Here’s a math problem for you: What do you get when you add one math nut to a classroom?
The answer is simple: You get a love of math multiplied and divided by the number of children he teaches.
Actually, there’s more to the equation.
You don’t have to chat long with Stavros Stavrou to calculate that he is crazy about math and the unique opportunity he has to share this passion.
“I do love teaching mathematics. Math is a subject that has a negative connotation – you either like it or you hate it. Or you think you’re either good at it or you’re not good at it. So, I like that I can mold the students who are undecided about their position on math,” says Stavrou.
The guy with the super cool name is the Math Outreach Coordinator with the Department of Math and Statistics. This department teamed up with the University of Regina and the Pacific Institute of Mathematical Science (PIMS) to start a new program aimed at enriching the mathematics education of First Nations, Inuit and Metis students.
The program was created to help attract Aboriginal students to the Math and Sciences, because Aboriginal students are seriously underrepresented in these fields.
As part of the program, Stavrou travels to communities and schools to teach math to First Nations and Metis young people, from elementary to high school. So far, he has visited a number of Aboriginal communities in Saskatchewan and participated in summer camps held by schools in Muskeg Lake, Mistawasis, Yellow Quill, and Kinistin. Most recently, he’s been co-teaching math with Norma Bear, a Grade 6 teacher at St. Frances School – a school in Saskatoon with a high population of Aboriginal students.
The program is unique though in that it doesn’t just offer camps and additional resources to teachers and students. It uses a cultural-based approach to teaching math.
“I think the biggest thing is we want to make cultural connections with mathematics, although a lot of people think it’s a subject that is not culturally dependent, it actually is. And math in North America is very westernized,” says Stavrou.
Academics often refer to it as ethnomathematics. This concept, when applied to math education, recognizes that virtually every classroom is characterized by diversity. Educators challenge themselves to incorporate the cultural diversity of a student’s mathematical practices into the curriculum.
The U of S program is in its first year of operation, and it would seem it’s the first real concerted effort in Saskatchewan to explore how to incorporate First Nations, Metis and Inuit culture in math curriculum.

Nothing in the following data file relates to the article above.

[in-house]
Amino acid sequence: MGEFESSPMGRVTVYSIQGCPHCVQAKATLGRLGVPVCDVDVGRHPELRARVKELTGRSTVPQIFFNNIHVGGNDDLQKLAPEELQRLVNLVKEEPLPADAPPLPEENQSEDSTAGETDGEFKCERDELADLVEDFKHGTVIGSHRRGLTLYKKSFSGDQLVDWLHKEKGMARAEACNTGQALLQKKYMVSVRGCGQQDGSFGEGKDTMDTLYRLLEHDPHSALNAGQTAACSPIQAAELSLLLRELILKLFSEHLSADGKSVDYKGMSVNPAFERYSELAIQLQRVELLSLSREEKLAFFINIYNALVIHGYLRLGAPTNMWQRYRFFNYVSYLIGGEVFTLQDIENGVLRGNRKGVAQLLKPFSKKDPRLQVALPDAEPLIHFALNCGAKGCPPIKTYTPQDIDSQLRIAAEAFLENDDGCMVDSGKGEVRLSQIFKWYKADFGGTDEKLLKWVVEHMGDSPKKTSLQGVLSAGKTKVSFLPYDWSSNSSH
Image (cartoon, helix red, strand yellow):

According to Stavrou, the pilot program is accomplishing its aim.
“In terms of the Grade 6 classroom, they are a lot more motivated. They are a lot more engaged. Their reading and writing in mathematics has improved. And there’s a student in the class who, he would be someone the school system would describe as ‘high needs.’ What’s interesting is that I wrote down the Cree symbols for the numbers and he recognized that right away. So he helped me write and spell all the Cree numbers and I was really impressed. It was fascinating how he could spell all of the Cree numbers; he even knew where to put the accent sign. He wouldn’t hesitate to say ‘No, you’re saying it wrong.’ So there was a moment when he was teaching me.”
When a story ran on the program in the Star Phoenix in November last year (2013), Stavrou received a lot of interest from teachers and principals from schools around the province.
But with seed feeding of $50,000, the program can’t expand to very many schools at this point, and Stavrou himself has other commitments. He is doing his Master’s in Math Education and in his spare time tutors Commerce students, including those in the Aboriginal Business Administration Certificate Program. He’s also helping out with U of S Science camps. The math program does a lot of collaborative work with the PotashCorp Kamskenow program run by Lana Elias through the College of Arts & Science.
Given the practical limitations of its direct reach, the program’s funding also is being used to develop materials and activities that interested teachers in Saskatchewan can use by themselves to make math accessible to all their students. This involves collaboration with teachers and community people to find places where culture and math can merge.
“I don’t want to claim that I or the math department has all the answers, it’s a matter of other ways mathematics can be taught. We’re interested in connecting with people and other cultures and learning from them,” says Stavrou.
Stavrou hopes that the program expands and continues to engage more and more students in learning math, while perhaps instilling a love that will lead them to pursue math-related studies and employment.
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